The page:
This item is available under a Creative Commons License for non-commercial use only
The current Irish policies have not been adequately effective in reducing alcohol consumption. There is a need to consider alternative strategies, such as the increasingly popular SN marketing campaigns, which have been applied successfully in the US college system. However, the potential of these campaigns has not been evaluated in Ireland. It is also not clear from the literature if descriptive or injunctive norm types will be more likely to induce behaviour change. Further, while SN interventions tend to provide ‘friends’ or ‘typical student’ as referent groups, little is understood about how individuals visualize these groups and how salient these peers are. The present study addressed these issues by combining web based survey methods with social network analysis. Hierarchical multiple regression was used to analyse a web survey of 1700 DIT students. Further, 26 ego networks generated via in depth interviews were examined using network techniques combined with a qualitative analysis to understand norm salience. The study provides evidence of overestimations of the campus drinking norm at DIT. It shows that perceived norms impact personal consumption and that social distance is a key consideration in this regards. Further, the findings demonstrate that descriptive norms are stronger predictors of personal consumption than injunctive norms. Most importantly, the study provides evidence that individuals’ social networks are key determinants of their drinking behaviours and that the most salient peers for DIT students are embedded in cohesive sub groups outside college. The study does not support using SN campaigns to reduce alcohol consumption in DIT. It urges policy makers to address norm salience in intervention work as it is critical for the applicability, planning and success of SN campaigns.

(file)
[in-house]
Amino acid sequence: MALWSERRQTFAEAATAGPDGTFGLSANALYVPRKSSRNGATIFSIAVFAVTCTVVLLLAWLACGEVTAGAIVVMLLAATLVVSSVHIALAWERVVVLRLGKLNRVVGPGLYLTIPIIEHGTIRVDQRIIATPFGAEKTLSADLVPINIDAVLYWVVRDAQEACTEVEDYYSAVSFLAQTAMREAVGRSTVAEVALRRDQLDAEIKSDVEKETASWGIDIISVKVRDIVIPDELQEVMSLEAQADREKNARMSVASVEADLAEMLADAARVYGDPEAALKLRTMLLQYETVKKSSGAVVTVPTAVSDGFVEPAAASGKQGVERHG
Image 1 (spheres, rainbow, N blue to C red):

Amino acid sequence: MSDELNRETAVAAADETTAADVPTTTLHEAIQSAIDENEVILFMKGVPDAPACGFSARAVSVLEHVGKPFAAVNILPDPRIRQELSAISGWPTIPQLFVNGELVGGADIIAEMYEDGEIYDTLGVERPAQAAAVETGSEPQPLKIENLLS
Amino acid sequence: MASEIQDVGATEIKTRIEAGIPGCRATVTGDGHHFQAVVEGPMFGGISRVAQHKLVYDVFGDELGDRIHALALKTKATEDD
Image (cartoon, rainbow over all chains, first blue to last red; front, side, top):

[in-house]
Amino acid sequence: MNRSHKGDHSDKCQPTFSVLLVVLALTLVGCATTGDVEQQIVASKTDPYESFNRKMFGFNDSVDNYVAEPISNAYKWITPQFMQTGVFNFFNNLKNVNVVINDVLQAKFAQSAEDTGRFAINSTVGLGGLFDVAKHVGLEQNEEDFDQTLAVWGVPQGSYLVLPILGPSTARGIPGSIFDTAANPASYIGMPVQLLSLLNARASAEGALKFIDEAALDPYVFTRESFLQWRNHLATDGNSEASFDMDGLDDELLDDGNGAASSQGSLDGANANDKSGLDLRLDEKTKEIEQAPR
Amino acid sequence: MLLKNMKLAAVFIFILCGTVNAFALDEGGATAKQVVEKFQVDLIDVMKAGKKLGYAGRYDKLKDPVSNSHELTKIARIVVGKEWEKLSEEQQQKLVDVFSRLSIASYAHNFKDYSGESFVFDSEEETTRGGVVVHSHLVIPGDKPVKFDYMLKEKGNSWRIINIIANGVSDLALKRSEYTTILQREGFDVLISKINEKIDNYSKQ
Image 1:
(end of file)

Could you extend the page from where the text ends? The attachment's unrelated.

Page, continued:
Samdani, S. (2013) Social Norms Marketing, Social Networks and Alcohol Consumption: A Collegiate Context. Investigating Feasability in Ireland.Doctoral Thesis, Dublin Institute of Technology. doi:10.21427/D7FS4P